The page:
“There are many issues to be resolved before we have a working large-scale quantum computer,” said team lead Fabio Sebastiano from QuTech and the Faculty of Electrical Engineering, Mathematics and Computer Science. “The quantum information stored in qubits can rapidly degrade and become unusable unless qubits are cooled down to temperatures very close to absolute zero (-273 degrees Celsius, or 0 Kelvin). For this reason, qubits typically operate inside special refrigerators at temperatures as low as 0.01 K, controlled by conventional electronics working at room temperature.”
One wire is required to connect each qubit to the control electronics. While this is feasible for the small number of qubits now in operation, the approach will become impractical for the millions of qubits required in useful quantum computers.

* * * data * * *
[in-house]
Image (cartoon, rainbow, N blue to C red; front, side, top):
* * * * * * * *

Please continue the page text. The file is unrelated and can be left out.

“It would be equivalent to taking the 12-megapixel camera on your mobile phone and trying to individually wire each of the million pixels to a separate electronic circuit,” explained Sebastiano. “A more viable solution is to operate the electronics controlling the qubits at extremely low (cryogenic) temperatures, so they can be placed as close as possible to the qubits.”
QuTech teamed up with Intel to address this precise challenge. The result is called Horse Ridge – an integrated circuit named after one of the coldest spots in Oregon.
“We have designed and fabricated a CMOS integrated circuit able to control up to 128 qubits, which can operate at 3 K (-270 °C) and can therefore be described as a cryo-CMOS circuit”, said Sebastiano. This is the same technology employed for standard microprocessors and such cryo-CMOS circuits could be used to create large-scale quantum computers.